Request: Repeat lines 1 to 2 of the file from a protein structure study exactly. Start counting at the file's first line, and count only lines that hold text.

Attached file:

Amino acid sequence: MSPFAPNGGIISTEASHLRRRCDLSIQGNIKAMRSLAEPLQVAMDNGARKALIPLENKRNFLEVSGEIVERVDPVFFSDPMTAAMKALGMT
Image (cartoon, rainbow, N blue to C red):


Amino acid sequence: MSPFAPNGGIISTEASHLRRRCDLSIQGNIKAMRSLAEPLQVAMDNGARKALIPLENKRNFLEVSGEIVERVDPVFFSDPMTAAMKALGMT
Image (cartoon, rainbow, N blue to C red):